Monday, April 16, 2012

What's Wrong with Adoption Assistance in Ohio?; Part 2 of a Series

Adoption Assistance is Mismanaged Because ODJFS Does Not Recognize Its Unique Features

The Ohio Department of Job and Family Services (ODJFS) does not recognize that Title IV-E adoption assistance differs from other federal entitlement programs in several important respects.

  1. Eligibility for adoption assistance and determination of the amount of assistance are two related but distinct steps.

  1. Once a child is determined eligible for the program; federal law provides that the amount of adoption assistance must be determined through negotiation, based upon a broad consideration of the child’s needs and circumstances of the adopting family. Federal financial participation (FFP) in adoption assistance is available up to the level a child would receive in a foster home suitable to their level of care. Negotiation of adoption assistance payments may involve disagreements between parents and agency representatives involving several hundreds of dollars per month.

Failure to create the procedure and practices for the above differences is a key to understanding the deficiencies in ODJFS's administration of adoption assistance.

In most federal assistance programs, benefits are determined at eligibility by applying an income means test based on family size and income. Negotiating with families, accordingly, is beyond the experience of most agency officials. ODJFS' attempt the administer the Title IV-E adoption assistance program with the same structures and procedures as means tested programs has far reaching consequences.

No Development or Dissemination of a Coherent Model for Negotiation of Adoption Assistance Agreements

ODJFS has not developed a coherent model for negotiating adoption assistance agreements. As a consequence, many county agencies do not negotiate adoption assistance agreements in accordance with state and federal law. ODJFS officials are aware of this problem, but have not provided training to county agencies and taken any positive steps to establish, a coherent and consistent model of negotiation.

Consequences include: Bitter conflicts between adoptive parents and county agencies over the issue of negotiating adoption assistance agreement, resulting in numerous, complex state administrative hearings. Frequent threats to remove the child or children from the adoptive parents if they persist in attempting to exercise their due process rights.

Inadequate Preparation of Hearing Officers

ODJFS' hearing officers do not receive training regarding the differences and greater complexities of the adoption assistance program. Hearing officers are trained to examine the literal language of the Ohio Administrative Code. This training works well when determining eligibility for a means tested program based on income, resources and family size. It does not prepare hearing officers for the complexities of adoption assistance, which relies on guidelines. procedures and criteria for negotiating adoption assistance. Hearing officers are also not trained to look to the federal Child Welfare Policy Manual, for the authoritative interpretations of OAC adoption assistance regulations, even though ODJFS pledges to do so in its IV-E State Plan as a condition for receiving federal funds.

Consequences include: Uninformed and inconsistent hearing decisions. ODJFS has been approached about training a group of hearing officers to specialize in adoption assistance cases, but nothing has been done.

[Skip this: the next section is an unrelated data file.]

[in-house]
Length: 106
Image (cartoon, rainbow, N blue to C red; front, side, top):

No State Oversight of County Agencies' Compliance with Hearing Decisions

Unlike other states, Ohio does have any statewide adoption assistance payment rate schedules. Each adoption assistance negotiation is to a great extent an individual transaction between the adoptive parents and county agency. Adoptive parents have been quite successful in winning hearings involving the county agency's failure to negotiate adoption assistance agreements according to federal and state policy standards. Because Ohio has no statewide adoption assistance payment standards, however, the hearing order in nearly every case, order the county agency to resume negotiations with the adoptive parents. ODJFS has no procedures in place for assuring county compliance and that a good faith negotiation takes place. ODJFS has no procedures for ensuring that settlements are reached.

Consequences include: County agencies resort to a variety of delaying tactics because they know that there are no negative consequences. Cases drag on for months without resolution. At times, they drag on for so long that a second hearing is held. One case is now over six years old. As months go by, county agencies will sometimes threaten to remove the children, blaming the parents for the delay and accusing them of not being committed to the adoption. Suggestions for third party arbitration or some other form of intervention have been made to ODJFS, but this option has not been explored.

No Policy Expertise in Adoptive Assistance at ODJFS

As adoptive parents have become more informed advocates, various policy and practice issues have surfaced. Adoptive parents cannot contact anyone at ODJFS that can provide answers to policy questions and the standards for verifying or documenting whether a requirement has been met. Policy analysis involves more that reading the literal language in a paragraph of the OAC. Administering adoption assistance policy involves an institutional memory of how rules have been interpreted, changes in federal interpretations and consistent applications of how compliance with existing policies is determined. At this time, ODJFS is sadly lacking in such expertise, which does nothing to remedy to inconsistent and poorly informed administration of the adoption assistance program across Ohio counties.